Detroit district will pause in-person learning until May

June 2019 file photographs made at Southeastern High School in Detroit by freelancer Anthony Lanzilote.
The Detroit district will pause in-person instruction until a May 11 board meeting. If COVID-19 case rates don’t improve, the pause could last longer. (Anthony Lanzilote for Chalkbeat)

The Detroit school board voted Thursday night to suspend in-person instruction until its May 11 meeting, a pause that could be extended if the city’s COVID-19 infection rates haven’t improved.

The board vote, taken during a special meeting, came two days after several board members failed in an attempt to suspend in-person learning for the rest of the school year. The 3-2 vote on Tuesday failed because the board needed at least four “yes” votes for it to succeed.

“The district would continue to monitor infection rates,” Superintendent Nikolai Vitti said. “If they are roughly where they are now, or even slightly lower, we would make a recommendation to suspend in-person learning from the May meeting until the end of the school year.”

During Thursday’s meeting, Vitti said he has spoken to individual board members and incorporated their feedback in a proposal the board eventually backed unanimously.

The plan says:

  • In-person instruction will not resume until May 11, the date of the next school board meeting. 
  • The district’s learning centers, where students can go to complete their virtual learning under the supervision of a staff member, will reopen on April 26.
  • Teachers can voluntarily choose to work in their classrooms with any student who wants to come into the school building to learn.
  • Beginning April 26, the district will begin weekly COVID-19 testing — using saliva tests — of students and staff who have returned to the learning centers.

The regular COVID-19 testing is a “significant safety strategy to keep our employees and our students safe,” Vitti said.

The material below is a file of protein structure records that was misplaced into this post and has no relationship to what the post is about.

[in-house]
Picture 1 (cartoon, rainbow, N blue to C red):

“Employees and students legally will have an opportunity to opt out,” Vitti said. “We don’t foresee many opting out. We believe most if not everyone will test.”

During the public comment period, one parent asked what would happen if people opt out of testing. Vitti replied that the district by law cannot force students to be tested. The district can require employees to be tested, and the district has done so when schools reopened this school year.

The district is currently paused. It was among some school systems in the state that halted in-person learning after spring break, because of fears that COVID-19 could spread from people who traveled while off school.

The district had planned to reopen its buildings for face-to-face instruction and for students to attend the learning centers on April 26. Now, with the board action, only the learning centers will reopen.

More difficult conversations lie ahead for the board. District officials previously set a threshold of a 5% COVID-19 positivity rate when determining whether to open or close schools. The city’s positivity rate is now about 20%.

“The COVID rate of infection will probably not be 5% for a very long time,” said board member Corletta Vaughn.

Vitti said that threshold will need to be reexamined, with consideration given to the city and state infection rates, the rates in surrounding school districts, and positive cases in schools. He said the district also could set different thresholds for high schools than it does for elementary and middle schools, as well as have different thresholds for certain groups of students, particularly students with special education needs.

During the public comment period of Tuesday’s board meeting, many of those who spoke cited safety concerns in urging the district to shut down its buildings. On Thursday, the board heard from those who urged the district to continue having an option for parents and children who want to be in school.

“Just remember that there are parents like myself and students that really need to be in the learning centers,” said Sharene Nathan, a parent action leader at Ludington Magnet Middle and Honors School, where she is a liaison between the school and parents.

The Latest

Black and Hispanic students have historically had far less access to sports. The situation has led one school’s dean to file a federal civil rights complaint.

Studies show students who complete federal financial aid applications are far more likely to attend college.

Proposed legislation would also block the current school board from changing admissions policies at selective enrollment schools.

Amid a literacy crisis in Michigan, these educators want nearly every public school in the state to have a library and a certified librarian.

One is participating in an intensive apprenticeship program at Bloomberg and the other dashed off 23 college applications.

Turnout was characteristically low — below 3%.